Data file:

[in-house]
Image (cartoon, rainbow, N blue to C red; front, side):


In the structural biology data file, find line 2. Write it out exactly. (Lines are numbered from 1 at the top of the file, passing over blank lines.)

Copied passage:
Image (cartoon, rainbow, N blue to C red; front, side):